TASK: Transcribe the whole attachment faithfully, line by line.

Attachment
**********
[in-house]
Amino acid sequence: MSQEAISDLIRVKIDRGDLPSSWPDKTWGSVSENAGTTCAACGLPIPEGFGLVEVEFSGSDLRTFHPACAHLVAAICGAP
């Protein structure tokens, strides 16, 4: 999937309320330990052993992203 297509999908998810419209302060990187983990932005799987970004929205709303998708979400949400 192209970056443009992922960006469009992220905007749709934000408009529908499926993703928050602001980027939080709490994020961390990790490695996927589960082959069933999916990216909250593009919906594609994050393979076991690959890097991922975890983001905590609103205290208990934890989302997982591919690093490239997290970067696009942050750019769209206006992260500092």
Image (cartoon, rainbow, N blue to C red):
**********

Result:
[in-house]
Amino acid sequence: MSQEAISDLIRVKIDRGDLPSSWPDKTWGSVSENAGTTCAACGLPIPEGFGLVEVEFSGSDLRTFHPACAHLVAAICGAP
């Protein structure tokens, strides 16, 4: 999937309320330990052993992203 297509999908998810419209302060990187983990932005799987970004929205709303998708979400949400 192209970056443009992922960006469009992220905007749709934000408009529908499926993703928050602001980027939080709490994020961390990790490695996927589960082959069933999916990216909250593009919906594609994050393979076991690959890097991922975890983001905590609103205290208990934890989302997982591919690093490239997290970067696009942050750019769209206006992260500092």
Image (cartoon, rainbow, N blue to C red):